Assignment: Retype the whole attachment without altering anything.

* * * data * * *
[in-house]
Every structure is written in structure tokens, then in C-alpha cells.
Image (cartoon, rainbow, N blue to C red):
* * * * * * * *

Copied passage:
[in-house]
Every structure is written in structure tokens, then in C-alpha cells.
Image (cartoon, rainbow, N blue to C red):